History of Buchanan County, Iowa 1842 to 1881
Transcribed by Tommy Joe Fulton and Peggy Hoehne
LETTER NO. XCVIII.
SAME PLACE, December, 22nd.
FRIEND RICH: - I wrote you last evening, putting the loss of property to the United States by the rebel raid on this town, on the twentieth instant, at two millions of dollars. I have just returned from the place where the depot buildings used to be, and now think I underestimated the value of property destroyed. It is true that all that was destroyed did not not belong to the United States, but it is a direct injury financially to the Government, of more than the amount stated. There must have been at least one hundred cars burned, a vast amount of wagons and ammunition, two engines, commissary stores, etc. The citizens of the town who were instrumental in giving the rebels aid are known, as all the prisoners were paroled, and all the cotton buyers, sutlers and citizens remain unparoled. These men will be punished, so says Colonel C. C. Marsh, commander of the district. We arrested one man, and sent him up to the colonel this morning; charged with murder and assisting the rebels. They will, after a while, learn to behave like men. It is reported that ladies shot at our soldiers out of their houses, when they were fleeing from the rebel cavalry.
Colonel Gilbert has just returned from headquarters, and reports that we are to remain here for a few days at least. As soon as communication is opened with the north, we will send our letters, that all our people may know that the Twenty-seventh Iowa is safe, except those taken from the hospital. They were Jos. Bryson, A. B. O'Conner, James Stanley, D. Tracy, D. M. Scott, L. W. Scott, and James Mitchell, all of company I; Brown, of company C; A. Stangier and Phineas Smith, of company B, and Smith, of company K. Among the prisoners taken by the rebels in this place, I have just learned was S. M. Langworthy, who had just resigned as quartermaster of our regiment, and was on his way home. He lost everything, horse, sword, pistols, blankets, overcoat, etc. All the cotton in town was burned, and all the sutler stores destroyed. In this work of destruction the rebel cavalry were assisted by the citizens of this place. That they will be severely punished, I feel satisfied.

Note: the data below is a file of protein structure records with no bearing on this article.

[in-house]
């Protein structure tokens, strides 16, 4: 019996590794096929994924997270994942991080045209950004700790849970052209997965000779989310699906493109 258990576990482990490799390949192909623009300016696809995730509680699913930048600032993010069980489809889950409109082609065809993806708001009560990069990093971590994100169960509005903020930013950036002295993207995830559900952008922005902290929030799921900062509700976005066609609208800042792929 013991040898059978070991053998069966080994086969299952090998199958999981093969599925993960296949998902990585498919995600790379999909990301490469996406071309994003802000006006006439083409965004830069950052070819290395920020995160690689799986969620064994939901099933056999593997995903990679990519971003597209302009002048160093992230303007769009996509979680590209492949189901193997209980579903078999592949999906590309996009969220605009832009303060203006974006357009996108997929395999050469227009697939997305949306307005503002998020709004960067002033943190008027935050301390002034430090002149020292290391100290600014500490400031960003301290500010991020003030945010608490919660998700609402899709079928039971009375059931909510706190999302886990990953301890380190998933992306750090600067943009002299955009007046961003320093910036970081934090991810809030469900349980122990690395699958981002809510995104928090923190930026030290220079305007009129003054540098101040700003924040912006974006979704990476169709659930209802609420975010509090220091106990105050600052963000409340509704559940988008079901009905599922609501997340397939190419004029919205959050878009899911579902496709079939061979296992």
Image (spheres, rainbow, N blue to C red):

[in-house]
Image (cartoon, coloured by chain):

Later. - Since writing the foregoing, one of the men taken from our hospital, Phineas Smith, of company B, has been here. He says that the rebels run them off some twenty-five miles, and paroled them, and they are now back at our camp on the Tallahatchie, all safe. He says that there were twenty-two rebels who made the raid upon the hospital; that they said they were supported by a large band lying back, and that men were constantly leaving, and others coming into their band along the road.
This satisfies me that these same citizens that we are protecting every day, are the ones that act as guides to the rebels in their expeditions against us. The more I see of the course taken in this war, the more disgusted I get.